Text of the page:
Re: [Full-disclosure] Wi-fi. Approaching customers

From: Matthew Sabin (
Date: 03/15/05

  • Next message: Richard Farina: "Re: [Full-disclosure] Wi-fi. Approaching customers"
    To: "Wade Woolwine" <>, Gregh <>
    Date: Tue, 15 Mar 2005 16:07:00 -0500

    I'm not sure I can help you on the contacting process, but question you assumptions.

    My company has made a conscious decision to leave our WiFi open to visitors, while our internal machines connect via IPSec on the open airwaves.
    A drive-by would show the open nature of our WiFi, but wouldn't immediately tell you that we've secured our business fairly well.

    --Matthew Sabin

    ----- Original Message -----
    From: "Wade Woolwine" <>
    To: Gregh <>
    Subject: Re: [Full-disclosure] Wi-fi. Approaching customers
    Date: Tue, 15 Mar 2005 15:55:22 -0500 (EST)

    > Gregh,
    > IMO, you're covered legally. I know it sounds fishy to approach a
    > potential client already knowing they're insecure...but don't all of us to
    > that on a regular basis? I mean I will hit google with a vengence before I
    > go into the kick-off meeting...I want to know what I'm up against.
    > I would respectfully request some time from a technical manager to present
    > your findings (show a kismet/netstumbler scan) and explain the dangers
    > (not the solutions of course). Hopefully, this will rattle the manager
    > enough to get the word up to upper management, and if you've left some
    > marketing material for them to look at, they can contact you for your
    > services.
    > Good luck!
    > Wade
    > > I have asked this on another list and there has been discussion but
    > > nothing that really seems like an answer so I am asking for help in here.
    > >
    > >
    > > I did a war drive (and in MY terms that means just driving along
    > > gathering SSID data showing open and closed and nothing else BUT that)
    > > and found one HELL of a lot more wi-fi in my area than I had previously
    > > been aware existed. Most of the SSIDs broadcasted didn't openly identify
    > > the company involved though most of them were open. The idea in doing
    > > this was that I could note an area where wi-fi is and approach the
    > > company (or individual) and offer my services to LEGALLY lock their open
    > > wi-fi down. I realise that with open wi-fi, I could be doing anything I
    > > wanted to or with their systems but that isn't the point. I work in the
    > > area doing I.T. related work and so far have a very good reputation for
    > > an inexpensive service and I am self employed so doing the wrong thing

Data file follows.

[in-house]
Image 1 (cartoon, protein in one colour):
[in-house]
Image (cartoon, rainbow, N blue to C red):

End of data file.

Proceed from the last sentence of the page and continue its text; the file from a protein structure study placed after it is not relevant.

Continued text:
> > would quickly kill all that.
    > >
    > > My question is, then, how to approach someone to legally get work from
    > > them fixing their badly installed wi-fi and ensuring it is all locked
    > > down. If I turn up saying "Your wireless networking is open to hacking
    > > and I can fix it" that sounds somewhat suspicious to me if you look at it
    > > from the point of view of a user who knows nothing much about it all. Eg,
    > > I am telling them something they don't want to hear, for a start and then
    > > telling them that if they pay me, they can have it fixed on the spot. I
    > > already know how strange it can sound. I happened to pick up the SSID
    > > ToysRus which was open and realising they would have their own company
    > > employed I.T. people, I just rang them to do them a favour and wasn't I
    > > met with suspicion? Yep! All I did was say "You know you have wireless
    > > networking?" and they answered "yes...." and I added "It's open and
    > > unsecured. You better fix it before someone else finds it" and then got
    > > asked 100 questions including "How do YOU know?" blah blah by someone you
    > > would think KNOWS the game.
    > >
    > > How do YOU approach prospective new customers to tell them their wi-fi is
    > > unsecured and needs attention and that you can fix it for a fee?
    > >
    > > Any help appreciated.
    > >
    > >
    > > Greg.
    > > _______________________________________________
    > > Full-Disclosure - We believe in it.
    > > Charter:
    > > Hosted and sponsored by Secunia -
    > >
    > >
    > "The reason why you have people breaking into your software is because
    > your software sucks."
    > _______________________________________________
    > Full-Disclosure - We believe in it.
    > Charter:
    > Hosted and sponsored by Secunia -

    Full-Disclosure - We believe in it.
    Hosted and sponsored by Secunia -

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